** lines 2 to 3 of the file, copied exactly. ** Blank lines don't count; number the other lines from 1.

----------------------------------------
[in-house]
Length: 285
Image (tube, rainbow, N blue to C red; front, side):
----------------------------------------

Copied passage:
Length: 285
Image (tube, rainbow, N blue to C red; front, side):